Australian artist Gordon Bennett broke new ground with his distinctive images which commented on local and global issues and questions of contemporary existence. Art offered a means of communication for Bennett that was not possible through other channels. He sought out art, undertaking a Bachelor of Arts in Fine Art in his hometown of Brisbane at Queensland College of Art. He developed a language in painting and printmaking to interrogate the colonial history of Australia, which was significant in Bennett’s own life. A prolific outpouring of images during the late 1980s and 1990s tapped into postcolonialism and poststructural rethinking of established histories and discourses.

Both commercial and institutional representation were important for the public awareness of Bennett’s practice. Thanks to his gallerists, Bennett’s work had regular presentations in Brisbane and Melbourne, as well as Sydney and Adelaide. His paintings, works on paper and videos were the subject of solo exhibitions in Australia, the United Kingdom and the Netherlands. Bennett’s works appeared in major exhibitions including dOCUMENTA 13, Germany (2012); the 9th and 12th Biennale of Sydney (1992 and 2000); The Third Asia Pacific Triennal, Brisbane (1999), and a long list of other significant exhibitions.

Bennett’s art was significant for its stand on big issues, as well as its ability to get highlight elements of everyday existence. His reflections on the myths perpetuated in Australian history, such as terra nullius, and attitudes towards Australian Aboriginal people, raised audience awareness of identity politics and the need to re-examine colonial and modern narratives. Bennett’s images of lost explorers seeking the apocryphal inland sea, references to the perspectival tools and mapping of European Enlightenment and the negation of Indigenous presence remain imprinted on viewers. Bennett’s practice was important for artists as well as audiences, setting a significant example of an artist unafraid to engage with the contemporary issues of race, sovereignty and citizenship for emerging Australian Indigenous artists.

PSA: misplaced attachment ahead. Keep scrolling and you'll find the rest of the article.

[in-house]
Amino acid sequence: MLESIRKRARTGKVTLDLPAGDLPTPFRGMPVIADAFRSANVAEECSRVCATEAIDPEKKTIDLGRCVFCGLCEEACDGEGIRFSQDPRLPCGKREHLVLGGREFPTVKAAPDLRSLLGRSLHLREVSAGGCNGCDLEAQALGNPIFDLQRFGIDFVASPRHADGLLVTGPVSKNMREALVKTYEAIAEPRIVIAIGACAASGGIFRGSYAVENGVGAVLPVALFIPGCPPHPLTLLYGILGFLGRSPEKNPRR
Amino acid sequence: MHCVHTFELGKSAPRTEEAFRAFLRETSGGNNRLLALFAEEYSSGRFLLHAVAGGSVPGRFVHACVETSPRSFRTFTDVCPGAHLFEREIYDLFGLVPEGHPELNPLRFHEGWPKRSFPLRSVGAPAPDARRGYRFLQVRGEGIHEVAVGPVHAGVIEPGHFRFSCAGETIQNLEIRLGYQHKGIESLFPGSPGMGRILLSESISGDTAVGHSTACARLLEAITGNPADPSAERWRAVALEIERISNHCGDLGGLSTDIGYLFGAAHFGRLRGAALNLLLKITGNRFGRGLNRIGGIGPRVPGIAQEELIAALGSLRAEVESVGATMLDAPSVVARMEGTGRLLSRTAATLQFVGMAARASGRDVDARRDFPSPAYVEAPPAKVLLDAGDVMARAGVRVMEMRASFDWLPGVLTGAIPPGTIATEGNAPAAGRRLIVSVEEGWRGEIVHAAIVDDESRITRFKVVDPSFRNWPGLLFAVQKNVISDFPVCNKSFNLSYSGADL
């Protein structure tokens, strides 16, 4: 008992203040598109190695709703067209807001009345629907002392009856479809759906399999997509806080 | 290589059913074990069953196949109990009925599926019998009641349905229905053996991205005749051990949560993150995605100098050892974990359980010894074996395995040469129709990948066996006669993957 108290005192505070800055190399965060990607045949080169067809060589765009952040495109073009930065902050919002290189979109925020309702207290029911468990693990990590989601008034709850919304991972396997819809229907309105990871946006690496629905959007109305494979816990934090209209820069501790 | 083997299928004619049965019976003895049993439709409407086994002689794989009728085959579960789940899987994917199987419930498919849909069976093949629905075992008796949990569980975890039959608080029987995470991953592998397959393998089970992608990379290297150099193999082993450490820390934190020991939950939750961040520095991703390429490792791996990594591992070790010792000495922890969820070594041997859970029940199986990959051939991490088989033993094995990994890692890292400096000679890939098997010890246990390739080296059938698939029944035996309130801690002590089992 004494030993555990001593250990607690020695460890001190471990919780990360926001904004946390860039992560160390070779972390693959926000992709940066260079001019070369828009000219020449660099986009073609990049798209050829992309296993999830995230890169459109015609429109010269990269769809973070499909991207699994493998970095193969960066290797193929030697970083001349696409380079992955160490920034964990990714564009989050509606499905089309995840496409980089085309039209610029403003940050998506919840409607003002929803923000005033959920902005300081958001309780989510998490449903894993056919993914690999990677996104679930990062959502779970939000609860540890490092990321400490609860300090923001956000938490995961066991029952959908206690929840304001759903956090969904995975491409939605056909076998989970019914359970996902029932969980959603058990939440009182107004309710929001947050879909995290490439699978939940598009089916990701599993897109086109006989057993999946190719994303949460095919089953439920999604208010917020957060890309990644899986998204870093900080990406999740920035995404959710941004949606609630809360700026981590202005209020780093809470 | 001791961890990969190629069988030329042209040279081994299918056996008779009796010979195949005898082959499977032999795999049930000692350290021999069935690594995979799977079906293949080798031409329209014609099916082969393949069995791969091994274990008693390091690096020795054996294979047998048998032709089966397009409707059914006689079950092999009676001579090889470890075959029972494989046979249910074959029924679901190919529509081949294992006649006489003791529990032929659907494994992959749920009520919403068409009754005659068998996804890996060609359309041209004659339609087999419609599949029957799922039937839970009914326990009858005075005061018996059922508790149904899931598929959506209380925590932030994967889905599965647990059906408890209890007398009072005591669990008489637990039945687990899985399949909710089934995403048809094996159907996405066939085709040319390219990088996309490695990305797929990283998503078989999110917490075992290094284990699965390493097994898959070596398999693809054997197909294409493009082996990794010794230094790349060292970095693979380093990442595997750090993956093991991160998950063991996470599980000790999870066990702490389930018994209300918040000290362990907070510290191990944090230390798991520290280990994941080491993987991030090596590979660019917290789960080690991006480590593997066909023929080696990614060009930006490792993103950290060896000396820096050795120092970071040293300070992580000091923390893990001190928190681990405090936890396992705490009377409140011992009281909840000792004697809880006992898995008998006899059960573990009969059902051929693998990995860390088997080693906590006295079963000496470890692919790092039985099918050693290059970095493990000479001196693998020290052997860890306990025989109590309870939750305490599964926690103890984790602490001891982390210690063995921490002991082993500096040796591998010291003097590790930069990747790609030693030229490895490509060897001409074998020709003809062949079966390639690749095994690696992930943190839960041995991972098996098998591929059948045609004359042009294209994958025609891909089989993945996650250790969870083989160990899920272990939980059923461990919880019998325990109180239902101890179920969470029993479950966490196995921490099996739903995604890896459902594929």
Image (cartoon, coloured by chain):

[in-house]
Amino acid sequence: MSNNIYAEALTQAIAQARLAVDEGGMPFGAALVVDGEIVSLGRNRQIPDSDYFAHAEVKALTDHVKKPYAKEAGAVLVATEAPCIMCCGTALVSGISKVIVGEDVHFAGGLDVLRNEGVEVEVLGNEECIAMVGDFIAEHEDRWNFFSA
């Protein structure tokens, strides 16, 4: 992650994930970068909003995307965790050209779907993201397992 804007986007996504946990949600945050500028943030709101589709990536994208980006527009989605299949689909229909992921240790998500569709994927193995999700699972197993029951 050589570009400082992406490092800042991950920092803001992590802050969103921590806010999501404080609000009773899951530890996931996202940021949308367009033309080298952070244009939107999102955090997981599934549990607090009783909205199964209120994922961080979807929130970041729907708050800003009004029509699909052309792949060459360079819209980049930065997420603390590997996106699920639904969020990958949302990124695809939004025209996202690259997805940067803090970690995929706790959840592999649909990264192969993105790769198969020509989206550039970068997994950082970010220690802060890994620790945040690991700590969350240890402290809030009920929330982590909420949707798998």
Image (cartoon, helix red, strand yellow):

Gordon Bennett Notes to Basquiat: Double vision 2000
Bennett remained attuned to the ideological effects of language, images, media and other forces on contemporary life. In recent years, works such as the Camouflage images or the seminal Notes to Basquiat paintings engaged with newer currents in our existence – fear and terror as they were amplified after 9/11 and the Second Gulf War. In these, like his abstract grid paintings of the last decade, Bennett invited viewers to identify undercurrents of meaning and create broader associations.

Bennett’s art was contemporary in more than just its subject matter. In larger series of paintings he worked in a cut-and-paste mode, drawing on other artists’ imagery, and also recycling motifs across time and works. This strategy of appropriation and self re-deployment could be interpreted as a reversal of appropriation – an act on behalf of a people whose history includes the loss of land and the ‘Stolen Generation’. References to the paintings of Piet Mondrian and de Stijl artists in Bennett’s Home Decor works, in which images from Australian modernist artist Margaret Preston’s designs also figured, operated in this way. Aspects of Jean-Michel Basquiat’s imagery regularly reappeared, in homage and sympathy, in this case.

In recent years Bennett also painted under the name John Citizen, a nom de plume that suggests the everyman. Citizen was the artist of the Interior paintings, images abstracted from photographs published in lifestyle magazines. Strangely coloured (often painted with leftover studio paints), these urban interiors evoke the banality of material culture resulting from regarding one’s consumer status as a contemporary social aspiration.

Art and ideas are poorer with the loss of Gordon Bennett on 3 June 2014. His practice stimulated thinking across many areas of the humanities and broke new ground in art engaging with contemporary issues in the West. Bennett’s practice will continue to provide a productive challenge to audiences and evidence the social value an artist can bring by mining untold narratives and visualising under-represented histories.

– Zara Stanhope, Principal Curator, Head of Programmes

Image credits: 

Gordon Bennett
Home decor (Algebra)
Daddy’s little girl
synthetic polymer paint on canvas
182.5 x 182.5 cm
Private Collection, Melbourne

Gordon Bennett
Notes to Basquiat: Double vision 2000
Synthetic polymer paint on canvas